Bifidobacterium Breve A1 Supplementation Improved Cognitive Decline in Older Adults with Mild Cognitive Impairment: An Open-Label, Single-Arm Study

  • Yodai KobayashiEmail author
  • T. Kinoshita
  • A. Matsumoto
  • K. Yoshino
  • I. Saito
  • J.-Z. Xiao
Short Communication



We previously reported the therapeutic potential of Bifidobacterium breve A1 (B. breve A1) for preventing cognitive impairment in Alzheimer’s disease model mice, which suggested that supplementation of the probiotics could be an effective therapeutic strategy for managing cognitive function in mild cognitive impairment (MCI).

Design and Settings

We conducted an open-label, single-arm study to examine the effects of 24-week supplementation of B. breve A1 on elderly with MCI in Aki Orthopedics Rehabilitation Clinic in Japan.


27 participants were screened by their Mini Mental State Examination (MMSE) scores.


Cognitive function was assessed using MMSE and Digit Symbol Substitution Test (DSST) at baseline and every 8 weeks. Mental condition and quality of life for gastrointestinal symptoms were measured using the Profile of Mood States 2nd Edition (POMS2), and the Gastrointestinal Symptom Rating Scale (GSRS).


Of the 27 participants enrolled, 19 completed the study. MMSE scores were significantly increased during the intervention by mixed model Dunnett’s test and Wilcoxon signed-rank tests (+1.7, P < 0.01). POMS2 and GSRS scores were significantly improved during intervention when analyzed by Wilcoxon signed-rank tests.


The present study showed that oral supplementation of B. breve A1 in participants with MCI improved cognitive function, thus suggesting the potential of B. breve A1 for improving cognitive function and maintaining quality of life of the elderly. Further randomized, double-blind placebo-controlled studies are worth conducting to examine the beneficial effect of B. breve A1.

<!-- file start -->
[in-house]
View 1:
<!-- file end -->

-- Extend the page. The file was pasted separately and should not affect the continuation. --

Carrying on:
Key words

Dementia Alzheimer’s disease Bifidobacterium cognitive impairment probiotics 


  1. 1.
    Ferri CP, Prince M, Brayne C, Brodaty H, Fratiglioni L, Ganguli M et al. Global prevalence of dementia: a Delphi consensus study. Lancet 2005; 366: 2112–2117.CrossRefGoogle Scholar
  2. 2.
    Langa KM, Chernew ME, Kabeto MU, Herzog AR, Ofstedal MB, Willis RJ et al. National estimates of the quantity and cost of informal caregiving for the elderly with dementia. J Gen Intern Med 2001; 16: 770–8.CrossRefGoogle Scholar
  3. 3.
    Jack CR, Knopman DS, Jagust WJ, Shaw LM, Aisen PS, Weiner MW et al. Hypothetical model of dynamic biomarkers of the Alzheimer’s pathological cascade. Lancet Neurol 2010; 9: 119–128.CrossRefGoogle Scholar
  4. 4.
    Petersen RC. Clinical practice. Mild cognitive impairment. N Engl J Med 2011; 364: 2227–34.Google Scholar
  5. 5.
    Ataollahi Eshkoor S, Mun CY, Ng CK, Hamid TA. Mild cognitive impairment and its management in&nbsp;older people. Clin Interv Aging 2015; 10: 687.CrossRefGoogle Scholar
  6. 6.
    Gareau MG, Sherman PM, Walker WA. Probiotics and the gut microbiota in intestinal health and disease. Nat Rev Gastroenterol Hepatol 2010; 7: 503–514.CrossRefGoogle Scholar
  7. 7.
    Sampson TR, Mazmanian SK. Control of Brain Development, Function, and Behavior by the Microbiome. Cell Host Microbe 2015; 17: 565–576.CrossRefGoogle Scholar
  8. 8.
    Ait-Belgnaoui A, Colom A, Braniste V, Ramalho L, Marrot A, Cartier C et al. Probiotic gut effect prevents the chronic psychological stress-induced brain activity abnormality in mice. Neurogastroenterol Motil 2014; 26: 510–20.CrossRefGoogle Scholar
  9. 9.
    Akbari E, Asemi Z, Daneshvar Kakhaki R, Bahmani F, Kouchaki E, Tamtaji OR et al. Effect of Probiotic Supplementation on Cognitive Function and Metabolic Status in Alzheimer’s Disease: A Randomized, Double-Blind and Controlled Trial. Front Aging Neurosci 2016; 8: 256.CrossRefGoogle Scholar